University Communications

  • A man opening a freezer

Freezers on loan

COSE helps with COVID-19 vaccine implementation in Central Minnesota

Two of the College of Science and Engineering’s -80 Centigrade (-112 Fahrenheit) freezers are helping CentraCare Health clinics prepare for the COVID-19 vaccines.

The university lent two of its freezers to CentraCare to help with storage of the Pfizer vaccine, an mRNA vaccine that needs to be kept ultra cold to remain stable.

At St. Cloud State the freezers are used in the lab to store RNA and DNA samples for many laboratory uses, said Michael Shiferaw, a Biological Sciences graduate student.

Many professors, graduate students and undergraduate students work on different research projects and store their samples in the freezers, so they can use them for later experiments.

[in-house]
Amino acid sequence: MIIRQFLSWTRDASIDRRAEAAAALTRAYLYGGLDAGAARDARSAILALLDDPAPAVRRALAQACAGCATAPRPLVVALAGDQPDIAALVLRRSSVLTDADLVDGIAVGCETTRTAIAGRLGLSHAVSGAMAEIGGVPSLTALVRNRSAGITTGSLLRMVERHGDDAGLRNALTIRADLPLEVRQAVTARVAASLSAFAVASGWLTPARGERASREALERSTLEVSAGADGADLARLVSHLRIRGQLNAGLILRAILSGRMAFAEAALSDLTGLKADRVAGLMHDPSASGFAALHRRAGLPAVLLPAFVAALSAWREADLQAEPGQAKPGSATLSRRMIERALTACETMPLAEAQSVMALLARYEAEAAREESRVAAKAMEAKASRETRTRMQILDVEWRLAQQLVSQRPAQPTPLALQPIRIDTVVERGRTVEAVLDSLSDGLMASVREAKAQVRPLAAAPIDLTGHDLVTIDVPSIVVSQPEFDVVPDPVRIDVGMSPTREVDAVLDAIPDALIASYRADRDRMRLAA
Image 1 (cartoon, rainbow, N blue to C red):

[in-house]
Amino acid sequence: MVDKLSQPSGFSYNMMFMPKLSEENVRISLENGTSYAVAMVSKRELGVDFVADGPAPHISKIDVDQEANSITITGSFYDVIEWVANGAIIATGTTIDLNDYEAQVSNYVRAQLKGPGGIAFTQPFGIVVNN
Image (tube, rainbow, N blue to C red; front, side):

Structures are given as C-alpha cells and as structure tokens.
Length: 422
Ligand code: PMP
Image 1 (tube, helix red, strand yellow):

“DNA and RNA need to be fairly stable and -80 centigrade is the right temperature to do that,” he said. “The Pfizer vaccine, which is an mRNA vaccine, requires an ultra cold environment for it to be in a stable condition when it’s administered.”

A regular household freezer is usually about -18 to -20 Celsius.

The Pfizer vaccine is the first FDA-approved COVID-19 vaccine. The vaccine works by causing the body to produce a protein that triggers the immune system to respond.